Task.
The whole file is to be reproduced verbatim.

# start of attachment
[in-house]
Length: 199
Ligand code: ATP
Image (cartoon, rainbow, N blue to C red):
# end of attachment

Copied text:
[in-house]
Length: 199
Ligand code: ATP
Image (cartoon, rainbow, N blue to C red):